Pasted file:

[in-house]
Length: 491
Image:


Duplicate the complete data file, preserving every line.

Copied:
[in-house]
Length: 491
Image: